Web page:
WASHINGTON — The pace of employment losses in the textile and apparel manufacturing sectors accelerated in the first two months of the year, as companies shed a total of 5,600 jobs in February and the Labor Department revised downward the January job losses by another 1,200.
The government’s employment report on Friday also revealed that the overall economy added 262,000 jobs in the month — the highest number since October — although the unemployment rate rose to 5.4 percent from 5.2 percent largely because more people entered the workforce looking for jobs but did not find them.
Economists blamed apparel and textile employment losses on the long-term shift to offshore production and imports. Apparel factories eliminated 2,600 positions in February to employ 267,100 people, a decline of 28,100 compared with a year ago. Textile mill employment fell 2,300 to 228,800, a year-over-year drop of 11,500, while textile mill product employment declined by 700 to 177,500, but showed a gain of 2,400 against a year ago. Total textile and apparel employment is 673,400.
The employment report came as China safeguard petitions seeking to limit imports and save U.S. jobs are the subject of a federal lawsuit and injunction as well as a political debate over China’s potential to dominate global apparel and textile production.
“We had these kind of [job] drops in 2003, which was a terrible year for the industry, but last year was a remarkably stable year,” said Charles McMillion, president and chief economist at MBG Information Services. “The industry has been carrying very expensive unused capacity — roughly one-third of its capacity is unused — and with the elimination of quotas, there is not a lot of hope they will be able to use that capacity.”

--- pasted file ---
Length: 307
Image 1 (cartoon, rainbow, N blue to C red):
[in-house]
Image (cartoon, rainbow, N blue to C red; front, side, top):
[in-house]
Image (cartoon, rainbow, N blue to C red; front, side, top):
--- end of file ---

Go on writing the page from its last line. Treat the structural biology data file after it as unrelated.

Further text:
McMillion said this means companies likely will shut more plants and lay off more people.
In the retail sector, apparel and accessories stores added 6,800 jobs last month to employ 1.4 million. The number of jobs at general merchandise stores rose 10,400 to 2.9 million. Department stores added 4,000 workers to employ 1.6 million.
Carl Steidtmann, chief economist at Deloitte Research, attributed the increase in employment to seasonal adjustments. “Retailers didn’t hire during the holiday season, so not as many people had to be laid off,” Steidtmann said. “As a result, that shows up on a seasonally adjusted basis as a gain.”
This story first appeared in the March 7, 2005 issue of WWD. Subscribe Today.
In the overall U.S. economy, the job gains were primarily in service industries. Overall manufacturing employment bounced back by 20,000 in February, following a loss of 25,000 jobs in January and 7,000 in December.
“This was the best job growth in four and five months in the economy as a whole,” Steidtmann said. “That is a positive development.”